Jokic: Yeah (chuckles), I moved from the one to the five. But come on, that's like seven years ago. And I was actually the backup point guard. When the primary guy would step out, I would take his spot and play point. Maybe 10 or 15 minutes in a game.

Stiffs: So only partially a position change, but still a change there. You also talked about so many changes since you were a teen, including playing out of a new city for a home base every year until this year. There was another big change you made along the way. From the day the Nuggets drafted you to that season's opening (42 days), you dropped 30 pounds. What the hell exactly did Steve Hess DO to you?

Jokic: He's Steve Hess (pauses, as if that is perfectly self-explanatory... laughs).

I think losing that weight was one of the biggest things I ever did in my career. Felipe (Eichenberger, Hess' first lieutenant) and Steve Hess have helped me to get things right in the weight room, gave me some special foods. Now I eat six to eight meals a day, I eat protein shakes, salads, meats like chicken, beef, fish, everything. But it's like cooked in some healthy way which, maybe a specific oil, which... (pauses to reflect) I don't know, it tastes, really... you know...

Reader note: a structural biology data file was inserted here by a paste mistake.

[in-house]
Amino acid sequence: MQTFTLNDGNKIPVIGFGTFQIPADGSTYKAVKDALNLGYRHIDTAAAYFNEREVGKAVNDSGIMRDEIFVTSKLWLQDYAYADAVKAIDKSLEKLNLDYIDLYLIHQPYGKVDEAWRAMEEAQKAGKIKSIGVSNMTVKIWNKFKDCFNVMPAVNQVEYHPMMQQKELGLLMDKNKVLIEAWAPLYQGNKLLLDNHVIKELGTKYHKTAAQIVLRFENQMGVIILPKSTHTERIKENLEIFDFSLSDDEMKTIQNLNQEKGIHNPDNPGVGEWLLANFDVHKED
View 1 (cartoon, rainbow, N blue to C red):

BLEHHHH...

(we both laugh for several seconds, as I was sure he was going somewhere positive with that until the last word.)

It was just bad. Really bad. But I learned to eat healthy, and I am still eating healthy right now. I want to continue seeing what I saw (last year). It's a little bit hard as the season moves on, as you don't always have the time or ways to eat healthy because we travel a lot. Getting in shape did help me a lot, and I think that thing was the most important thing I did when I came to the NBA.